To increase the efficiency of the photo charging, the electronic device 505 is equipped with a lens 523. The lens 523 concentrates the incident light 522, thereby directing it to the photovoltaic conversion device 510. Additionally, the lens 523 allows a designer to set the focal length equal to the distance between the charger 500 and the photovoltaic device, thereby increasing the luminous flux delivered to the photovoltaic device. This concentration of incident light 522 allows the designer to reduce the size of the photovoltaic device without compromising charging efficiency.

Likewise, to improve the efficiency of the charger, turning now to FIG. 6, an array of lenses 600 may be placed over the light sources 615. This array of lenses 600 may be a transparent plastic sheet honey-combed with lens pockets 601 that align with the light sources 615. Alternatively, individual lenses may snap on the light sources 615.

To recap, described herein is a battery charger for contactless recharging of rechargeable batteries. In one embodiment, the charger is a light pad and includes both a plurality of light sources and a plurality of photodetectors (that may be dispersed among the light sources) disposed across a surface of the charger. A mircoprocessor or controller, capable of actuating the light sources, may be included.

When any of the photo detectors receive a photo communication, which may either be reflected light from reflected material disposed along at least one portion of the surface of the electronic device or photo information delivered from light source on the electronic device, the microprocessor actuates the light sources. The receipt of information indicates that an electronic device with a rechargeable battery coupled thereto has been placed on the charger.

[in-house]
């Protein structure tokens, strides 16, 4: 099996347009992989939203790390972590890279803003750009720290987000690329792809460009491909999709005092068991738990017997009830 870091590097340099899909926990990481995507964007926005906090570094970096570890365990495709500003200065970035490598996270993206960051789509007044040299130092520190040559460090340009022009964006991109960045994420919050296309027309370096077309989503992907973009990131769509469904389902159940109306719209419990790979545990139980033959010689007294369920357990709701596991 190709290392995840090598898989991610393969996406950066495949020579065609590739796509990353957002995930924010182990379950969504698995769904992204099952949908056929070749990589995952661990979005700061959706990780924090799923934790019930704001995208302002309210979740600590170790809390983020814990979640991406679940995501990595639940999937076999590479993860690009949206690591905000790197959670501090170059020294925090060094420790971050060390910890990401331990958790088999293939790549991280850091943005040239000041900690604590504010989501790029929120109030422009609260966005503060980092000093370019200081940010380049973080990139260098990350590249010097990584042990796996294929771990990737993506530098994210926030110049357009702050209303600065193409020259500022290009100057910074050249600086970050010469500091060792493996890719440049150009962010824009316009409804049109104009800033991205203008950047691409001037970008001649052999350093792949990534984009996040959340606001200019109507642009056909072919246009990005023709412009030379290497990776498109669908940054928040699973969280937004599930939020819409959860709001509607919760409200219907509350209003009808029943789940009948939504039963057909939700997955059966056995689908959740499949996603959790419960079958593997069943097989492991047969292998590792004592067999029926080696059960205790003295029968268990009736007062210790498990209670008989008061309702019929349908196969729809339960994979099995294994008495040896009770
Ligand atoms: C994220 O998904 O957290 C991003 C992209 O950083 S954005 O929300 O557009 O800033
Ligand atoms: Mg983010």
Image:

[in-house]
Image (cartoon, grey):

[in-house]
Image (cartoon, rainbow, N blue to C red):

In one embodiment where reflective material on the electronic device is employed, the microprocessor periodically actuates at least one of the plurality of light sources. When an electronic device is present on the surface of the charger, and when the electronic device includes reflective material, the periodically pulsed light will be reflected back to the charger as a photo communication. When the microprocessor periodically actuates at least one of the plurality of light sources, and where the photo communication is reflected light from the reflective material disposed along the surface of the electronic device, the microprocessor may actuate a subset of the plurality of light sources. The subset may correspond to a predetermined pattern associated with the pattern or placement of the reflective material.

In an alternate embodiment, where the electronic device includes a communication light, the device can communicate a variety of information to the charger, including size, shape, intensity of light, and even which lights to turn on and off.

In the foregoing specification, specific embodiments of the present invention have been described. While the specific embodiments of the invention have been illustrated and described, it is clear that the invention is not so limited. Numerous modifications, changes, variations, substitutions, and equivalents will occur to those skilled in the art without departing from the spirit and scope of the present invention as defined by the following claims. For example, one embodiment above used a plurality of reflectors disposed about the perimeter of the electronic device to determine the geometry of the device. A variation in this detection would be to use a central reflector dot on the device and have a pre-determined light transmitter area defined in the pad, around this reflector. Another variation would be to have a reflector dot pattern or bar code scheme that could contain much more information when decoded by the charger. The photo information may include the geometry of the pattern, the intensity of transmitters, the time transmitters are on, and so forth. Additionally, the pad may include a pressure sensor for detecting the presence of the electronic device.

Accordingly, the specification and figures are to be regarded in an illustrative rather than a restrictive sense, and all such modifications are intended to be included within the scope of present invention. The benefits, advantages, solutions to problems, and any element(s) that may cause any benefit, advantage, or solution to occur or become more pronounced are not to be construed as a critical, required, or essential features or elements of any or all the claims. The invention is defined solely by the appended claims including any amendments made during the pendency of this application and all equivalents of those claims as issued.